Etymology
Advertisement
extempore (adv.)
1550s, from Latin phrase ex tempore "offhand, in accordance with (the needs of) the moment," literally "out of time," from ex "out of" (see ex-) + tempore, ablative of tempus (genitive temporis) "time" (see temporal). Of speaking, strictly "without preparation, without time to prepare," but now often with a sense merely of "without notes or a teleprompter." As an adjective and noun from 1630s.
Related entries & more 
Advertisement
barleycorn (n.)
"barley," late 14c., from barley + corn (n.1). Perhaps to distinguish the barley plant or the grain from its products. In Britain and U.S., the grain is used mainly to prepare liquor, hence personification of malt liquor as John Barleycorn (1620) in popular ballads, and many now-obsolete figures of speech, such as to wear a barley cap (16c.) "to be drunk."
Related entries & more 
imperative (adj.)

1520s, in grammar, "expressing command," used of the form of a verb which expresses command, entreaty, advice, or exhortation, from Late Latin imperativus "pertaining to a command," from imperat-, past participle stem of imperare "to command, requisition," from assimilated form of in- "into, in" (from PIE root *en "in") + parare "to arrange, prepare, adorn" (from PIE root *pere- (1) "to produce, procure").

Related entries & more 
ready-made (adj.)

early 15c., "prepared," from the verbal phrase make ready (mid-14c. as "prepare;" late 14c. as "put in order"); see make (v.) + ready (adj.). Applied figuratively, and often disparagingly, to a thing or person seeming to exist in a finished or complete form (1738). As the name of a dada art style, 1915 (Duchamp). Ready-to-wear, of clothing, "ready made," is by 1890.

Related entries & more 
pioneer (n.)

1520s, "one of a party or company of foot soldiers furnished with digging and cutting equipment who prepare the way for the army," from French pionnier "foot-soldier, military pioneer," from Old French paonier "foot-soldier" (11c.), extended form of peon (see pawn (n.2)). Figurative sense of "a first or early explorer, person who goes first or does something first" is from c. 1600. Related: Pioneers.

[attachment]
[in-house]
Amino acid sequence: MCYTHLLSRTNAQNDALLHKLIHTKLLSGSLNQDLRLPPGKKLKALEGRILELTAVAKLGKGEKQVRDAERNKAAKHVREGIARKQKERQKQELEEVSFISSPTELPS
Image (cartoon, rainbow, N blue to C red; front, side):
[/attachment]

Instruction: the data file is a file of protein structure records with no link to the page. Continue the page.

Related entries & more 
Advertisement
expedition (n.)

early 15c., expedicioun, "military campaign; the act of rapidly setting forth," from Old French expedicion "an expediting, implementation; expedition, mission" (13c.) and directly from Latin expeditionem (nominative expeditio) "an enterprise against an enemy, a military campaign," noun of action from past-participle stem of expedire "make ready, prepare" (see expedite). Meaning "journey for some purpose" is from 1590s. Sense by 1690s also included the body of persons on such a journey.

Related entries & more 
layout (n.)
also lay-out, "configuration, arrangement," 1852, from the verbal phrase; see lay (v.) + out (adv.). Meaning "rough design of a printing job" is from 1910. The verbal phrase is attested from c. 1400 as "expose to view, show, set forth;" mid-15c. as "to expend, lavish." The meaning "prepare (a corpse) for burial" is from 1590s and is said to be the source of the figurative sense "knock out; kill."
Related entries & more 
bound (adj.2)
c. 1200, boun, "ready to go;" hence "going or intending to go" (c. 1400), from Old Norse buinn past participle of bua "to prepare," also "to dwell, to live," from Proto-Germanic *bowan (source also of Old High German buan "to dwell," Old Danish both "dwelling, stall"), from PIE root *bheue- "to be, exist, grow." Final -d is presumably through association with bound (adj.1).
Related entries & more 
vituperation (n.)

mid-15c., but rare before early 19c., from Latin vituperationem (nominative vituperatio) "blame, a blaming, censuring," from past participle stem of vituperare "disparage, find fault with," from vitiperos "having faults," from vitium "fault, defect" (see vice (n.1)) + parare "prepare, provide, procure" (from PIE root *pere- (1) "to produce, procure"). Vituperatio was stronger than either Latin reprehensio or Modern English vituperation.

Related entries & more 
flax (n.)
Old English fleax "flax plant; cloth made with flax, linen," from Proto-Germanic *flakhsan (source also of Old Frisian flax, Middle Dutch and Dutch vlas, Old Saxon flas, Old High German flahs, German Flachs), probably from Proto-Germanic base *fleh- "to plait," from PIE root *plek- "to plait." But some connect it with PIE *pleik- (see flay) from the notion of "stripping" fiber to prepare it.
Related entries & more 

Page 6